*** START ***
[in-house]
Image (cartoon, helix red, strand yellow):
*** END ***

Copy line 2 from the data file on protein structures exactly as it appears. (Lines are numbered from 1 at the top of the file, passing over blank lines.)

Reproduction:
Image (cartoon, helix red, strand yellow):